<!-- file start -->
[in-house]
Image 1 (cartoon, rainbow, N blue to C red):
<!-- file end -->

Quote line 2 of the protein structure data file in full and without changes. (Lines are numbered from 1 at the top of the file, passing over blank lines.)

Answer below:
Image 1 (cartoon, rainbow, N blue to C red):